Process of printing images on the cards. At it the coloring substance of the stripe passes from solid to gaseous condition under influence of the high temperature of the thermal head of the printer. As a result the molecules of the plastic (PVC) are "opened" and the sublimation inks penetrate in them. After termination of the influence of the high temperature the molecules of the plastic are "closed", and in this way the image stays on the card.
A mechanical device for transfer of payment card details to paper
EM4200 is a CMOS integrated circuit intended for use in electronic Read Only RF transponders. The circuit is powered by an external coil placed in an electromagnetic field and gets its master clock from the same field. By turning on and off the modulation current, the chip sends back the unique code contained in a factory pre-programmed laser ROM. The 128 bit unique code is stored in laser programmed ROM. Several options are available to use 64, 96 or 128 bits of ROM Features - Full compatible with EM4100/4102 and EM4005/4105 communication protocols. - 128 bit laser programmed ROM (64 and 96 bit option available) - Manchester 32 and 64 RF clocks per bit - On-chip rectifier and voltage limiter - No external supply buffer capacitor needed - -40°C to +85°C temperature range - Very low power consumption and High performances
Unlike JPEGs, GIFs, and BMP images, vector graphics are not made up of a grid of pixels. Instead, vector graphics are comprised of paths, which are defined by a start and end point, along with other points, curves, and angles along the way. A path can be a line, a square, a triangle, or a curvy shape. These paths can be used to create simple drawings or complex diagrams. Paths are even used to define the characters of specific typefaces. Because vector-based images are not made up of a specific number of dots, they can be scaled to a larger size and not lose any image quality. If you blow up a raster graphic, it will look blocky, or "pixelated." When you blow up a vector graphic, the edges of each object within the graphic stay smooth and clean. This makes vector graphics ideal for logos, which can be small enough to appear on a business card, but can also be scaled to fill a billboard. Common types of vector graphics include Adobe Illustrator, Macromedia Freehand, and EPS files. Many Flash animations also use vector graphics, since they scale better and typically take up less space than bitmap images.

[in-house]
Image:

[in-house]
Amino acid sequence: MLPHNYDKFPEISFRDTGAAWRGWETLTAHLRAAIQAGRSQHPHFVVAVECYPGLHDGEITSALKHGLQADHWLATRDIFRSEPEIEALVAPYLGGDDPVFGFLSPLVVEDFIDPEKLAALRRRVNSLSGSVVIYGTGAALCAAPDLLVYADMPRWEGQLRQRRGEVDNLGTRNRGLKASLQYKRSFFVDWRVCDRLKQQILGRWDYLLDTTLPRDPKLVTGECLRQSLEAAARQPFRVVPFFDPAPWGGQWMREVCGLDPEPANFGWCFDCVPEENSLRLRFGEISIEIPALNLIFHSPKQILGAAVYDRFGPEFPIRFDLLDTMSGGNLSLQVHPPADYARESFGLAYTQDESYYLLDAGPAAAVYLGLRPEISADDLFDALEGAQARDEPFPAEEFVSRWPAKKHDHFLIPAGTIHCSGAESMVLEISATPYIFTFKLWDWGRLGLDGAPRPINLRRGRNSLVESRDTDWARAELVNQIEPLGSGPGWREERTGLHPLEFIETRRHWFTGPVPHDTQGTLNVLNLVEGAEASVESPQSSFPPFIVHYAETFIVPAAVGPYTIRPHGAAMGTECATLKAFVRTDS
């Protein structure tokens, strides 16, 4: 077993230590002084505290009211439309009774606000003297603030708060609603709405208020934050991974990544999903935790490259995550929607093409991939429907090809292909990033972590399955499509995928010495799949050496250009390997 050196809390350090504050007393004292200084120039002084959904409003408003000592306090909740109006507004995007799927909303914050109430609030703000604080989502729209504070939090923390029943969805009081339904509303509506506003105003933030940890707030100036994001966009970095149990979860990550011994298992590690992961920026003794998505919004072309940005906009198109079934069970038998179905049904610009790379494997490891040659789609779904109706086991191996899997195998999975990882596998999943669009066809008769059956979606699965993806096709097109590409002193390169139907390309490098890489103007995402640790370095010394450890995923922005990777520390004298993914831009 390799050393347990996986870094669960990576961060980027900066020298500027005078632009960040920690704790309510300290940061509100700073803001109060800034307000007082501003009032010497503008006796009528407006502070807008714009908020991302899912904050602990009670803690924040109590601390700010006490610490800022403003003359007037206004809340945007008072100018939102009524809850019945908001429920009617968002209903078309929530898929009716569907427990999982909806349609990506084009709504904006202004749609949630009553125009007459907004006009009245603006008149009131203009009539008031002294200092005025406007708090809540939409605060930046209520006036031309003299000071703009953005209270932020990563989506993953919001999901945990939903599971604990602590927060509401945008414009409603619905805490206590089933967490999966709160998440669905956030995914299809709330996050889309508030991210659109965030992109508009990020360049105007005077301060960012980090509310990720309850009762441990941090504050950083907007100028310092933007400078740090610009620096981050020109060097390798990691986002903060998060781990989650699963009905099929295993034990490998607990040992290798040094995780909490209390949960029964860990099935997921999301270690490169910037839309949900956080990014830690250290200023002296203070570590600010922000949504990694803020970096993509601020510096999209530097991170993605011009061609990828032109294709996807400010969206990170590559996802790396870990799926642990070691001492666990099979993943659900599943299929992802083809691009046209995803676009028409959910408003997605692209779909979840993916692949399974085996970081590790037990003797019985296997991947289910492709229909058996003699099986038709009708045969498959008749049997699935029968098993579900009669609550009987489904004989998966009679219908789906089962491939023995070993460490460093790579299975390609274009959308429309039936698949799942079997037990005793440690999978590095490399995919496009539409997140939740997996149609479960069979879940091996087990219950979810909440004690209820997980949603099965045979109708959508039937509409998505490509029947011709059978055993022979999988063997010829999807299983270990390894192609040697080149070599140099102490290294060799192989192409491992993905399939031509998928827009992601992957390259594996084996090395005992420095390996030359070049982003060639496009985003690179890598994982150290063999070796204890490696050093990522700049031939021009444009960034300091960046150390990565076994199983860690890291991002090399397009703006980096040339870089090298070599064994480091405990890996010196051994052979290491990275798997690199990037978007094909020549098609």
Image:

Most images you see on your computer screen are raster graphics. Pictures found on the Web and photos you import from your digital camera are raster graphics. They are made up of grid of pixels, commonly referred to as a bitmap. The larger the image, the more disk space the image file will take up. For example, a 640 x 480 image requires information to be stored for 307,200 pixels, while a 3072 x 2048 image (from a 6.3 Megapixel digital camera) needs to store information for a whopping 6,291,456 pixels. Since raster graphics need to store so much information, large bitmaps require large file sizes. Fortunately, there are several image compression algorithms that have been developed to help reduce these file sizes. JPEG and GIF are the most common compressed image formats on the Web, but several other types of image compression are available. Raster graphics can typically be scaled down with no loss of quality, but enlarging a bitmap image causes it to look blocky and "pixelated." For this reason, vector graphics are often used for certain images, such as company logos, which need to be scaled to different sizes.